What to know as the U.S. economy and stocks surge

Anthony Saglimbene, Global Market Strategist – Ameriprise Financial

As of May 18, 2021

As many parts of the world continue to reopen more fully, life across the globe is slowly returning to normal. The United States, Asia and parts of Europe all have been seeing a resurgence in activity.

In many ways, the U.S. is leading the way. More than half of the U.S. adult population has received at least one dose of a COVID-19 vaccine. During the first three months of the year, U.S. GDP grew by a historically strong +6.4% while S&P 500 company profits rose by roughly +49% on a year-over-year basis. With most of the first quarter reporting season now complete, it’s safe to say S&P 500® Index companies saw their best quarter of profit growth in more than 10 years. The profit boom has prompted analysts to raise their second quarter earnings estimates at one of the fastest rates in almost 20 years.

In aggregate, S&P 500 companies have exceeded first quarter profit expectations by an astounding +22% — the second-highest level on record. The extraordinary corporate profit results last quarter were driven by outsized estimate cuts during the pandemic, massive fiscal/monetary stimulus and a strengthening economic recovery across the U.S.

U.S. economic activity is booming. Notably, job growth continues to strengthen, despite tight labor market conditions and weaker-than-expected job growth in April. Manufacturing and services activity across the U.S. sits at or near record highs. High-frequency measures, including OpenTable dining reservations and TSA throughput, show more of the country is returning to regular activity.

In China and other parts of Asia, manufacturing and services activity also sits near record highs. And in Europe, an improved vaccine rollout, as well as reduced coronavirus restrictions, could see economic trends improve over the second quarter.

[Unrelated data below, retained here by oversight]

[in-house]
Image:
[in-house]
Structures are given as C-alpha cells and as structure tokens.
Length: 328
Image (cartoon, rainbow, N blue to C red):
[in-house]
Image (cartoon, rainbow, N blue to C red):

Overall, conditions continue to strengthen in economically significant areas of the world, helping to lead global stocks higher. Central bank liquidity, supportive retail mutual fund inflows, a pickup in share buybacks and a pullback in interest rates are other bullish factors contributing to S&P 500 all-time highs.

Unfortunately, supply constraints (e.g., semiconductor shortages, longer lead times, tight inventories) could weigh on companies’ ability to meet surging demand in the second quarter. Broader worker shortages due to lingering pandemic effects could also weigh on employers’ ability to staff up for specific industries. Corporate America most often cited on their first quarter conference calls that meeting the pent-up demand and higher input/inflation pressures were their most significant challenges to growth in Q2.

Looking ahead, we recommend investors consider the following market themes shaping stock prices:

  • U.S. markets have largely priced in a “peak everything” environment. This is a macro backdrop where, on a year-over-year basis, economic activity and profit growth are likely to top out during the next few months.
  • We believe stocks are well supported by strengthening fundamentals such as revenues and earnings and could gravitate higher if conditions continue to brighten. And though growth in the U.S. may peak in the second quarter, economic and corporate fundamentals should remain strong throughout the year. Historically, that’s a positive environment for asset prices longer term.
  • While it may be tempting in such a positive environment, ignore the simple market adage of “sell in May and go away” and continue to review your portfolio regularly. Stock returns are historically less robust in the May through October period, but they are generally positive.
  • Inflation pressures, supply disruptions and worker shortages could weigh on companies’ ability to meet surging demand in the second quarter. But for now, investors should consider these issues temporary speed bumps in the ongoing recovery.
  • Importantly, the possibility of higher corporate and individual taxes next year is growing due to policy proposals from Washington. But alone, higher taxes would be unlikely to disrupt market momentum longer term, in our view.

Outsized profit growth, monetary/fiscal tailwinds, low interest rates and greater COVID-19 vaccine availability (and uptake) should help keep economic activity bright this year. But investors should not ignore the elevated stock valuations, fully priced assumptions for growth and inflation pressures that could linger longer than most expect.

Overall, we believe the bullish narrative should continue to win and push stock prices higher through the rest of the first half of the year. And while we believe the second half of the year could continue to line up well for equity investors, we suspect some of the concerns we’ve outlined could prompt more attention as the year comes to a close.

Indices total return YTD

 S&P sectors calendar year 2021 returns

Data source for indices and sector graphs: Morningstar Direct, as of May 10, 2021.

Past performance is not a guarantee of future results.